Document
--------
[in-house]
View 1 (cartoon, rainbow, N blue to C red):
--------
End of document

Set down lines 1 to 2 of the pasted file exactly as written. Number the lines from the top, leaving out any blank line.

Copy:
[in-house]
View 1 (cartoon, rainbow, N blue to C red):